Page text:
In Literacy Essentials, Routman lists things we can do to take action to become a role model for a readerly life (p. 195-199). I have created a list and hope you will consider some of these actions as you find your way back to reading or as you try to fit reading into your busy teacher life throughout the school year.
- Know yourself as reader; your successes and limitations.
- Don’t always playing it safe – take risks and try new authors and genres such as young adult literature, a graphic novel, a collection of essays.
- Recommend books to your students so they can see you reading and that you have a reading life.
- Bring in the book YOU are currently reading and post it on a “What are you reading?” sign outside your door that includes what you are reading as a read aloud to your class and what you are reading outside of school.
- Share a new goal you have set for yourself. My goal for 2022 is to start each day with some reading. To that end, I have a stack of books I can always depend on for a quick five to fifteen-minute read each morning. Here are some of my choices: Flying Lessons and Other Stories edited by Ellen Oh, Garden Poems selected and edited by John Hollander, Natural Meditation: Refreshing Your Spirit Through Nature by Barbara Ann Kipfer (can be less than a three-minute read), A Suitcase of Seaweed & MORE by Janet Wong, and Live This Day: A Guided Journal to Inspire Positivity and Intention (some writing here as well) by Miriam Hathaway.
Read professional books about your craft.
Reference your reading life to your students when it is appropriate in a conference, a minilesson, or a class meeting.
Read magazines and newspapers.
Be a reader of books you will use in your classroom: wordless books, picture books, early chapter books, upper elementary/middle school, YA literature, poetry, essays, plays.
Try listening to books while you are in the car – audiobooks are on the rise!
Follow and establish GoodReads accounts.
Recommend books on amazon.
Keep a reader’s notebook.
Suggest a place in the school (perhaps a special shelf in the librarian’s office or in the copy room) where your colleagues can place books they’ve read so teachers can borrow to read and return when they are finished.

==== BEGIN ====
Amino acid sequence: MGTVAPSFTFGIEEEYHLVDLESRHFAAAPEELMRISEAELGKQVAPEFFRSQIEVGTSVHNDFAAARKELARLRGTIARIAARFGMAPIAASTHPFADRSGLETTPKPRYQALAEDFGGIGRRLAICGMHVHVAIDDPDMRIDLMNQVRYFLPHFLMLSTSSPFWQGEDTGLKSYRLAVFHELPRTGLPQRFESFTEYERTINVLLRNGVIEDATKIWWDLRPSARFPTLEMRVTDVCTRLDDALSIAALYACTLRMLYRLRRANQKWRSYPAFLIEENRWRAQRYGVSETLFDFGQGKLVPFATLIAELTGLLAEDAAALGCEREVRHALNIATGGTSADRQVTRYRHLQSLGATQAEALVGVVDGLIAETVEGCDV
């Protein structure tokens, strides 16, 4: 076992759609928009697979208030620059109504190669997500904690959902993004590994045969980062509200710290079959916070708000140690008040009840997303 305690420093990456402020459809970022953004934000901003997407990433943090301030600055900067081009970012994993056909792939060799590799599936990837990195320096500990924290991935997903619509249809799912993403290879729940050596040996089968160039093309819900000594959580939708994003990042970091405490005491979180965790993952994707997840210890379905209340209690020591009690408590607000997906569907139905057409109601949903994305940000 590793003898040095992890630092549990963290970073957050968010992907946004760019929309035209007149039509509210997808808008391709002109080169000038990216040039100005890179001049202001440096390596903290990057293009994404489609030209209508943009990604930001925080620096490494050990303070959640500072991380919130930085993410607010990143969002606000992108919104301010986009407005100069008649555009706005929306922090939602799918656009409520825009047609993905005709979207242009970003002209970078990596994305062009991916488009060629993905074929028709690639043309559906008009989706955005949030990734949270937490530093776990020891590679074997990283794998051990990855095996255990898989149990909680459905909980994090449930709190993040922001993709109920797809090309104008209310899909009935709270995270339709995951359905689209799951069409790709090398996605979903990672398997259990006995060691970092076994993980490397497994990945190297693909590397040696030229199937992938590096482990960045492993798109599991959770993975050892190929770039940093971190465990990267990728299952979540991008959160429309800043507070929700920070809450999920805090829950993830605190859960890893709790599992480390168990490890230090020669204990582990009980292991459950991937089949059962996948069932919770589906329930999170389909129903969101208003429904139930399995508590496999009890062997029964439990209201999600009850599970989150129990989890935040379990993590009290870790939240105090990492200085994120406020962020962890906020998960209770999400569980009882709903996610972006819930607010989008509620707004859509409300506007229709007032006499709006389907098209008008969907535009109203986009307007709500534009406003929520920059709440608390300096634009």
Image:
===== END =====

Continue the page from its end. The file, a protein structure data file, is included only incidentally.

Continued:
Create a “mailbox” in a local park. In Upper Moreland Township in Pennsylvania, “Little Free Libraries” were created along the walking trail so not only can you exercise your body, you can come away with a book to exercise your brain!).
Ask your school and local librarian for suggestions for read alouds and book clubs.
Talk about your readerly life by sharing when you decided to abandon a book, personal connections you made with a book, or sharing an excerpt where the words made you laugh out loud, shed a tear, or take action in some way.
Keep current – know what new books are being published. Follow Donalyn Miller’s blog https://bookwhisperer.com/blog/ or follow her on Twitter and Facebook. Mr. John Schumacher http://mrschureads.blogspot.com/, Colby Sharp, Cindy Minnich, and Nerdy Book Club posts are wonderful educators to follow in order to learn what is available for you.
It is important for us to demonstrate that we are yearlong readers. Even though we may be reading for graduate courses or for a school committee, we cannot afford to designate the summer months as the only months we read recreationally. It is possible to do this. Strategize to succeed in this endeavor. I save longer, more complex reads like The World Is Flat: A Brief History of the Twenty-first Century by Thomas L. Friedman that analyzes globalization in the early 21st century for summer or holiday reading. During busy months I find comfortable reads like a Mary Higgins Clark mystery and The No. 1 Ladies Detective Agency series of novels by Alexander McCall Smith or a favorite author like Elizabeth Berg, Toni Morrison, Delia Owens, or Anne Tyler.
We must live the readerly life we encourage our students to develop. Our good reading habits will help us continue to develop into the expert we want to be. Reading daily will bring us into the inner classroom circle – being part of the reading community we establish with our students is crucial to our successes as reading teachers. What are your students reading? What are you reading?